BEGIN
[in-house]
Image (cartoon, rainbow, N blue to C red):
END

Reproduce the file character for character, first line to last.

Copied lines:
[in-house]
Image (cartoon, rainbow, N blue to C red):